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Transition period starting as new criminal code takes effect

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Criminal court judges in Indiana have now begun instituting the most comprehensive overhaul to the state’s criminal code in more than 30 years.

House Enrolled Act 1006, passed by the Indiana Legislature during the 2013 session, became effective July 1. The General Assembly reworked the state’s criminal code with the goal of making sentences proportional to the crime and reserving prison space for violent offenders. It also placed new emphasis on providing community-based treatment for non-violent offenders who commit drug and property crimes.

The switch will not be clean. Judges will have to alternate between the old and new criminal codes since some defendants appearing before them in the days ahead committed their offenses prior in July 1. Grant Circuit Court Judge Mark Spitzer expects by the end of the year, sitting judges will be comfortable with the new law but, he acknowledged, getting comfortable will take time.

“Certainly the transition period is going to be interesting,” Spitzer said.

The Indiana Judicial Center has been offering training sessions to judges since November to review the new criminal code. Spitzer is among the judges who have conducted the sessions, and he anticipates most of the trial judges in the state will have participated in the seminars by the end of the month.

In addition, judges at the seminars are being given a quick reference guide to the new code which they can keep in the court to answer any questions.

The most uncertainty associated with the new code, Spitzer said, is the requirement that low-level offenders be kept in their home counties and offered treatment for their addictions. No one knows how the local jail populations will be impacted.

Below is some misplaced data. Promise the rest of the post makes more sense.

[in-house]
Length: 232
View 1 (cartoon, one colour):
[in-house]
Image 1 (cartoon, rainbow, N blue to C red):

Spitzer said while non-violent offenders can, in theory, be handled in county jails, in practice it will be a challenge for local governments since very little or no additional funding for the inmates will be coming from the state.

Still, Spitzer said, these community-based programs can reduce recidivism which can save all sorts of costs. Overall, he concluded, the changes to the criminal code are good but “change is difficult for everyone and this will be difficult.”

 
 

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  1. Indianapolis Bar Association President John Trimble and I are on the same page, but it is a very large page with plenty of room for others to join us. As my final Res Gestae article will express in more detail in a few days, the Great Recession hastened a fundamental and permanent sea change for the global legal service profession. Every state bar is facing the same existential questions that thrust the medical profession into national healthcare reform debates. The bench, bar, and law schools must comprehensively reconsider how we define the practice of law and what it means to access justice. If the three principals of the legal service profession do not recast the vision of their roles and responsibilities soon, the marketplace will dictate those roles and responsibilities without regard for the public interests that the legal profession professes to serve.

  2. I have met some highly placed bureaucrats who vehemently disagree, Mr. Smith. This is not your father's time in America. Some ideas are just too politically incorrect too allow spoken, says those who watch over us for the good of their concept of order.

  3. Lets talk about this without forgetting that Lawyers, too, have FREEDOM OF SPEECH AND ASSOCIATION

  4. Baer filed with the U.S. Court of Appeals Seventh Circuit on April 30 2015. When will this be decided? How many more appeals does this guy have? Unbelievable this is dragging on like this.

  5. They ruled there is no absolute right to keep a license, whether it be for a lifetime or a short period of time. So with that being said, this state taught me at the age of 15 how to obtain that license. I am actually doing something that I was taught to do, I'm not breaking the law breaking the rules and according to the Interstate Compact the National Interstate Compact...driving while suspended is a minor offense. So, do with that what you will..Indiana sucks when it comes to the driving laws, they really and truly need to reevaluate their priorities and honestly put the good of the community first... I mean, what's more important the pedophile drug dealer or wasting time and money to keep us off the streets?

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